IBM and Peace Corps Respond to Ghanaian Girls’ Call for Remote Access to Education

March 7 – 13 is Global Partnership’s Week, and PYXERA Global has been proud to join the Secretary of State’s Office of Global Partnerships in celebrating the important role public, private, and social sector collaborations play in addressing some of the world’s most pressing issues. We had the pleasure of hosting Gina Tesla, Director of IBM Corporate Citizenship Initiatives, and Tonia Wellons, Associate Director of the Peace Corps Office of Strategic Partnerships, for a live webcast in our office on Tuesday with Deirdre White, CEO of PYXERA Global.

In observance of International Women’s Day on Tuesday, March 8, the conversation also reflected on the many opportunities for cross-sector partnerships to benefit women, including the recently launched partnership to bring the talent of IBM’s Corporate Service Corps to Peace Corps projects, and their current collaboration in Ghana supporting the First Lady’s Let Girls Learn initiative. Click here to watch the recording of the live conversation, and also read an overview of the partnership by Gina and Tonia below.

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IBM and Peace Corps Respond to Ghanaian Girls’ Call for Remote Access to Education

By: Gina Tesla, Director IBM Corporate Citizenship Initiatives & Tonia Wellons, Associate Director, Office of Strategic Partnerships

When we invest in the next generation of female leaders, we build a stronger global community. The constructive impact of empowering one woman with education and paid work makes a splash that ripples outward to positively benefit her children, community, country, and —eventually— the world.

This is especially true for women-owned businesses. In the next five years, 12 million women business owners around the world plan to grow their businesses by at least six employees, spurring socioeconomic growth in the wider community.

Before starting their own ventures, though, these female leaders were once just girls learning to read, write, and gain the necessary skills to craft their first business letter. The first step on their road to success: completing primary and secondary education.

Unfortunately, all too often a girl who can transform her world for the better lacks the opportunity to complete her education due to conditions outside of her control.

In some families, for example, the expensive cost of books, uniforms, and bus fares force parents to choose which child will go to school. When they consider how much a daughter can help them cook, clean, and babysit for other children versus the little opportunity to get a good paying job even after being educated, the sons are usually the ones learning how to read and write. The daughter never steps foot in a classroom and the cycle often repeats itself.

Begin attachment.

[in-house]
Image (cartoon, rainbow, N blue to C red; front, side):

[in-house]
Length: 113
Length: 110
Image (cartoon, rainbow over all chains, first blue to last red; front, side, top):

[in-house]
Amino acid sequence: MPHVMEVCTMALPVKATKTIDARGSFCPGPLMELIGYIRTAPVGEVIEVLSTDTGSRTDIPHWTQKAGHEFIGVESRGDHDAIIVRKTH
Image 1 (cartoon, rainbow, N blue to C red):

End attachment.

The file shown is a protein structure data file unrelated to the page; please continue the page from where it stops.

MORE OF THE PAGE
Conversely, for every year a girl stays in school, her income can increase by 15 to 25 percent.

That’s why IBM teamed up with the Peace Corps on a first-of-its-kind partnership in support of President and First Lady Obama’s Let Girls Learn Initiative, aiming to eliminate the barriers 62 million girls worldwide come up against when trying to receive an education.

Through our Peace Corps and Corporate Service Corps partnership, we are catalyzing community-led change by improving the access to education for girls in Ghana. IBM’s Corporate Service Corps is a problem solving and leadership development program where employees serve short-term, high social impact pro bono consulting assignments overseas.

Twelve IBMers currently on the ground in West Africa are working with a local social enterprise called TechAide on a more affordable, easy way for these girls to learn and stay in school. They are also working with the Ghanaian Ministry for Gender, Children and Social Protection and the Ghana Education Service to measure the efficacy of existing girls’ education programs, as well as how to maximize of the effects of its mentorship programs. Additionally, one IBMer has become a Peace Corps Response Volunteer, demonstrating our commitment to innovation to deliver greater value for communities.

Admittedly, our favorite part of this project is that it reflects the needs and requests of the Ghanaian girls themselves — needs that they indicated during a Peace Corps and Let Girls Learn hackathon a year ago. This type of direct input makes the project more user-friendly, culturally relevant, and sustainable.

Their voices will be heard once again next week when 25 girls along with their teachers will gather at Ashesi University to provide feedback on the team’s work and meet potential university and IBM mentors. We’ll be there and are excited to hear what they have to say.


Gina Tesla (@GinaTesla) and Gavin Cepelak (@GavinCepelak) will visit the project in Ghana next week, so follow them on Twitter for real time updates.

 

Feature photo credit to Nora Morgan @ flickr.com

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